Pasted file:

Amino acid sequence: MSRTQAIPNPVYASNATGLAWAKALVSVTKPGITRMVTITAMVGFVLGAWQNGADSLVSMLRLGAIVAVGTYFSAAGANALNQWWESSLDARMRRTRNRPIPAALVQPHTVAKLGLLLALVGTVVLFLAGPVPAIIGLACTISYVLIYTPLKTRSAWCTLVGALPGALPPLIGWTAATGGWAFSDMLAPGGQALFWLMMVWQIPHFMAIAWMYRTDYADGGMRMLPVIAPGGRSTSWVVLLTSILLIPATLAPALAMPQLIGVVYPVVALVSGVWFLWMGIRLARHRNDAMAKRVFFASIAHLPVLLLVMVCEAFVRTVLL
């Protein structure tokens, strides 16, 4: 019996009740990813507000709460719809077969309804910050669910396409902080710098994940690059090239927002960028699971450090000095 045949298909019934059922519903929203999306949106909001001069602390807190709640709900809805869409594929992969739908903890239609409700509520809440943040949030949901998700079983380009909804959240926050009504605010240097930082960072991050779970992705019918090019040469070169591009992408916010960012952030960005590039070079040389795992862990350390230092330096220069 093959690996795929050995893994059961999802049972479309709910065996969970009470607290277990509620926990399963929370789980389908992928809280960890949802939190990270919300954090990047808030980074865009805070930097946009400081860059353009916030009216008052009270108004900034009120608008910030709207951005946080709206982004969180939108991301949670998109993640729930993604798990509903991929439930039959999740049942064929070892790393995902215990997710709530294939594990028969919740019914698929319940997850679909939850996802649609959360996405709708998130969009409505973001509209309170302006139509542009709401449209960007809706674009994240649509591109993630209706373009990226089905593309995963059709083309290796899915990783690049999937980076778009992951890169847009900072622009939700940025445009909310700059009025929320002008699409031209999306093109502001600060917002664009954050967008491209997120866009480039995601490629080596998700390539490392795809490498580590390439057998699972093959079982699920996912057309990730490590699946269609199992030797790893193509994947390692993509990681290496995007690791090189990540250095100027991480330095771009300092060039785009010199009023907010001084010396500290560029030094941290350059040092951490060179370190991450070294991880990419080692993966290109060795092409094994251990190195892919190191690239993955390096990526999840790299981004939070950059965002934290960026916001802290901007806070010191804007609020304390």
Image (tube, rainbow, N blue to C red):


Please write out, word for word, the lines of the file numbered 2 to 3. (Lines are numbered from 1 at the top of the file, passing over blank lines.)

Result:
């Protein structure tokens, strides 16, 4: 019996009740990813507000709460719809077969309804910050669910396409902080710098994940690059090239927002960028699971450090000095 045949298909019934059922519903929203999306949106909001001069602390807190709640709900809805869409594929992969739908903890239609409700509520809440943040949030949901998700079983380009909804959240926050009504605010240097930082960072991050779970992705019918090019040469070169591009992408916010960012952030960005590039070079040389795992862990350390230092330096220069 093959690996795929050995893994059961999802049972479309709910065996969970009470607290277990509620926990399963929370789980389908992928809280960890949802939190990270919300954090990047808030980074865009805070930097946009400081860059353009916030009216008052009270108004900034009120608008910030709207951005946080709206982004969180939108991301949670998109993640729930993604798990509903991929439930039959999740049942064929070892790393995902215990997710709530294939594990028969919740019914698929319940997850679909939850996802649609959360996405709708998130969009409505973001509209309170302006139509542009709401449209960007809706674009994240649509591109993630209706373009990226089905593309995963059709083309290796899915990783690049999937980076778009992951890169847009900072622009939700940025445009909310700059009025929320002008699409031209999306093109502001600060917002664009954050967008491209997120866009480039995601490629080596998700390539490392795809490498580590390439057998699972093959079982699920996912057309990730490590699946269609199992030797790893193509994947390692993509990681290496995007690791090189990540250095100027991480330095771009300092060039785009010199009023907010001084010396500290560029030094941290350059040092951490060179370190991450070294991880990419080692993966290109060795092409094994251990190195892919190191690239993955390096990526999840790299981004939070950059965002934290960026916001802290901007806070010191804007609020304390």
Image (tube, rainbow, N blue to C red):